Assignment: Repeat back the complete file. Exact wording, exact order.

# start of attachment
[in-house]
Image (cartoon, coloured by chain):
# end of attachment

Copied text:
[in-house]
Image (cartoon, coloured by chain):